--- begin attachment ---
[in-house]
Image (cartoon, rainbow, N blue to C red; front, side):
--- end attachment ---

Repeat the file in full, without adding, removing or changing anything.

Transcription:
[in-house]
Image (cartoon, rainbow, N blue to C red; front, side):